Causal Patterns in Air Pressure Phenomena
Students examine why air pressure is hard to notice. They observe the height of a liquid in a tube over time and lift a table with balloons.
3 Views 1 Download
- Activities & Projects
- Graphics & Images
- Handouts & References
- Lab Resources
- Learning Games
- Lesson Plans
- Primary Sources
- Printables & Templates
- Professional Documents
- Study Guides
- Graphic Organizers
- Writing Prompts
- Constructed Response Items
- AP Test Preps
- Lesson Planet Articles
- Interactive Whiteboards
- All Resource Types
- Show All
See similar resources:
Global and Local Dust over North America
Meteorology majors will be enriched by this presentation on the movement of dust throughout our world atmosphere. They will examine graphs of the spatial and chemical patterns of the dust suspended over North America and then extend the...
10th - Higher Ed Science
Pressure: How Does a Straw Work?
A straw is a simple thing ... with a much more complex explanation. Discover the molecular interactions that create pressure through a video from JFR Science. The resource demonstrates pressure in a variety of ways, then explains how and...
10 mins 9th - Higher Ed Science CCSS: Adaptable
Gas Laws: Why Do My Tires Deflate in Winter?
How many phenomena in the natural world can you explain through the relationship between temperature, pressure, and volume? Science scholars explore the gas laws with a video from JFR Science. Topics include manipulating gas laws...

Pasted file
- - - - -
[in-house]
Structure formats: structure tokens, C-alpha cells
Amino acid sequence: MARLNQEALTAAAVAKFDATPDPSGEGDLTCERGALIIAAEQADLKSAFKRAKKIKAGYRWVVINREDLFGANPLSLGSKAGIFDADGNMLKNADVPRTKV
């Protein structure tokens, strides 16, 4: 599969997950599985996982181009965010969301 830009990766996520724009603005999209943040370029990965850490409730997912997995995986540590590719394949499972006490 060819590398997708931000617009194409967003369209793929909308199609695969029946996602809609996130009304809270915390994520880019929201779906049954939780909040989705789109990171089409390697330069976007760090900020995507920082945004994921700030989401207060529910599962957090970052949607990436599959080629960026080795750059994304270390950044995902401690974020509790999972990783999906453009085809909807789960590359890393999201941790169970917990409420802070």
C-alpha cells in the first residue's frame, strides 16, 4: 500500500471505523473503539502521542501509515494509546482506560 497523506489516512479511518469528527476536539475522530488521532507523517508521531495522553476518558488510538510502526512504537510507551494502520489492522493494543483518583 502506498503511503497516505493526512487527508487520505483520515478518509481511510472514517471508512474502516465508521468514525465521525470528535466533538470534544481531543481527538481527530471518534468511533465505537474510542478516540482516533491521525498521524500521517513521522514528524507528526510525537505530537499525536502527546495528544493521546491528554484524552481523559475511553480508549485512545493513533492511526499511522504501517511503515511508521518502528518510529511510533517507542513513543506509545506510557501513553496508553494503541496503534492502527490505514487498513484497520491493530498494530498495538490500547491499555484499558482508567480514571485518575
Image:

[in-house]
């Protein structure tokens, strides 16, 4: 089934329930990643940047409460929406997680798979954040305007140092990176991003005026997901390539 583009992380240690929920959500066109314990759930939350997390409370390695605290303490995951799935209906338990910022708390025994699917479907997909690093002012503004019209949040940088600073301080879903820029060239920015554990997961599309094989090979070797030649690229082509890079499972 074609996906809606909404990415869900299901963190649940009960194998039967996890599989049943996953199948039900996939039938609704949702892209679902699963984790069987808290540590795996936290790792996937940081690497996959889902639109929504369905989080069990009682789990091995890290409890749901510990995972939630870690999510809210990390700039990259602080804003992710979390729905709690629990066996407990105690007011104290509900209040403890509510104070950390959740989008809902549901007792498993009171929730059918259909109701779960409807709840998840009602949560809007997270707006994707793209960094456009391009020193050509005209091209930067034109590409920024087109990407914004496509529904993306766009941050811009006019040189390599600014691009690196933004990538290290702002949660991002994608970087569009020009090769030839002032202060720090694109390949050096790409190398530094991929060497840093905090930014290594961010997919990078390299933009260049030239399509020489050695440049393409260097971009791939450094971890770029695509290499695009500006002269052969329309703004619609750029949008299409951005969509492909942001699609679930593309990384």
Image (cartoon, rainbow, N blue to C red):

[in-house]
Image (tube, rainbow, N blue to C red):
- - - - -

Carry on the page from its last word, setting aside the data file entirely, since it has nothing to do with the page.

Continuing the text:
13 mins 9th - Higher Ed Science CCSS: Adaptable
Can You Solve the Magnet Riddle?
Riddle me this! Science sleuths attempt to solve two seemingly simple scenarios with a video from the Physics Girl playlist. The narrator challenges the CEO of YouTube to a battle of wits with a bottle with a tissue, as well as two...
8 mins 9th - Higher Ed Science CCSS: Adaptable
Passive Causal Agents and the Omnidirectional Nature of Air Pressure
Students study passive causal agents, such as air pressure, in a system. They conceptualize air pressure as passive and omnidirectional, with molecules that make up the air bouncing off surfaces with which they have contact in all...
Higher Ed Science
The Sonic Boom Problem
Sound waves travel pretty quickly, but humans can travel faster. Follow along with this short animated video as it investigates the physics behind the breaking of the sound barrier and the sonic booms that are created as a result.
6 mins 7th - Higher Ed Science CCSS: Adaptable